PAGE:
SPECIFIC LEARNING DISABILITY

Specific Learning Disabilities (SLD) are a group of disorders that pose as the biggest challenge in the path of academic achievement for a child. The most common academic difficulties faced by children diagnosed with SLD are reading slowly and incorrectly, skipping lines while reading aloud, making repeated spelling mistakes, untidy/illegible hand-writing with poor sequencing, and inability to perform even simple mathematics. They invariably fail to achieve school grades at a level that is matching with their intellectual abilities. The following checklist lists some common red flags for learning disorders:

Signs and symptoms of learning disabilities: Preschool age

  • Problems pronouncing wordsmith
  • Trouble finding the right word
  • Difficulty rhyming
  • Trouble learning the alphabet, numbers, colors, shapes, days of the week
  • Difficulty following directions or learning routines
  • Difficulty controlling crayons, pencils, and scissors, or coloring within the lines
  • Trouble with buttons, zippers, snaps, learning to tie shoes

Signs and symptoms of learning disabilities: Ages 5-9

  • Trouble learning the connection between letters and sounds
  • Unable to blend sounds to make words
  • Confuses basic words when reading
  • Slow to learn new skills
  • Consistently misspells words and makes frequent errors
  • Trouble learning basic math concepts
  • Difficulty telling time and remembering sequences

Signs and symptoms of learning disabilities: Ages 10-13

  • Difficulty with reading comprehension or math skills
  • Trouble with open-ended test questions and word problems
  • Dislikes reading and writing; avoids reading aloud
  • Poor handwriting
  • Poor organizational skills (bedroom, homework, desk is messy and disorganized)
  • Trouble following classroom discussions and expressing thoughts aloud
  • Spells the same word differently in a single document

Common types of learning disabilities may be presented as follows:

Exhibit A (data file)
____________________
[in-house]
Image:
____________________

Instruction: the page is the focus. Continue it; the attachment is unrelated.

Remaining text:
• Dyslexia – Difficulty with reading; Problems reading, writing, spelling, speaking
  • Dyscalculia – Difficulty with math; Problems doing math problems, understanding time, using money
  • Dysgraphia – Difficulty with writing; Problems with handwriting, spelling, organizing ideas
  • Dyspraxia (Sensory Integration Disorder) – Difficulty with fine motor skills; Problems with hand-eye coordination, balance, manual dexterity
  • Dysphasia/Aphasia – Difficulty with language; Problems understanding spoken language, poor reading comprehension's
  • Auditory Processing Disorder – Difficulty hearing differences between sounds; Problems with reading, comprehension, language
  • Visual Processing Disorder – Difficulty interpreting visual information; Problems with reading, math, maps, charts, symbols, pictures.

While there is no cure for specific learning disorder, there are many ways to improve reading, writing, and math skills for a child. Treatment usually includes both strengthening the skills and developing a learning strategy tailored to take advantage of a child’s strengths. For example, repetition and mnemonic devices might make it easier to memorize a math formula, and drawing a picture to illustrate a word problem might help a child visualize what is being asked. Treatment for specific learning disorder often also involves multimodal teaching. If a child has trouble comprehending a subject with his or her eyes and ears alone, other senses such as touch, taste, and even smell can play a role in the learning process. Similarly, learning to convert one sort of problem into another format may help (e.g. changing a traditional math problem into a word problem). A learning specialist can help determine the services or accommodations a child might benefit from at school. Psychotherapy, cognitive behavior therapy in particular, may also be helpful in treating the emotional and behavioral problems that can accompany specific learning disorder.

LEARNING DISABILITY
LEARNING DISABILITY

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